Campground Review: 5/5 Stars. Perfect Spot on Cliff Overlooking River.
This was our favorite spot on our recent central-Washington camping trip. We pulled up about 7pm and grabbed a huge spot with a peekaboo view of the river. When we were there, all spots were $30 and included water and electricity. While there's not a ton of coverage between sites (trees, etc.) the sound didn't seem to travel, so the folks happily playing board games and playing Prince didn't keep us up and in fact contributed to the overall happiness of the spots.
Clean bathrooms, soft grass, beautiful views of the river. There's a boat launch and I'm sure this is a very popular spot in the summer. As it was, it was perfect for a Spring get-away.
Tip: Visit the nearby Ginko Petrified Forest state park. Free, nice exhibits, and even some petroglyphs, which my older son especially loved.
Escape Campervan Review: 5/5 Stars. Lots of Fun!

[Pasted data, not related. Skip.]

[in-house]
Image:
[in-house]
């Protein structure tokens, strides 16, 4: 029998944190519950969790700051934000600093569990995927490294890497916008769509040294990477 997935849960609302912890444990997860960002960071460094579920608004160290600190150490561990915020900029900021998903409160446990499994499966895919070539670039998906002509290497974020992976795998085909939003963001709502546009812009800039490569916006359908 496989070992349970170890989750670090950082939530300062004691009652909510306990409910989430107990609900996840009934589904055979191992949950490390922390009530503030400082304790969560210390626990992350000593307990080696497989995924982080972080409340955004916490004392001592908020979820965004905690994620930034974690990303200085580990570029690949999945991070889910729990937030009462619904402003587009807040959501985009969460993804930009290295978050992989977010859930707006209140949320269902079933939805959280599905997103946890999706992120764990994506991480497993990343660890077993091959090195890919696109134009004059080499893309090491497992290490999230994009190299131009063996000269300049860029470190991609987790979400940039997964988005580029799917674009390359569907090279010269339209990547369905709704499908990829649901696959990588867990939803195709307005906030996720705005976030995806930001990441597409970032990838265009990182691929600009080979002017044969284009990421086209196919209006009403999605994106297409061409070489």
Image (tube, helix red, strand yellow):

Last summer my family won a vacation rental with Escape Campervans, so we decided to use part of our credit for a three-night trip over Spring Break. We drove up from Portland to Seattle, and while most people head west toward the lush Olympic National Forest, we wanted to try something different, and instead headed east for a loop through central Washington with stops in Snowqualmie Falls (famous for its part in Twin Peaks), Roslyn (home of Northern Exposure) and the oldest saloon in Washington with a 23-foot water spittoon, Ellensburg and the Tomahawk and Rock Ranch, Vantage and the Ginko Petrified Forest, the German-themed town of Leavenworth, and a grand finale in a 90-degree indoor swimming pool in Bothell, Washington. All-in-all, a great trip, and we'd definitely rent from Escape Campervans again. Here's some of what we learned.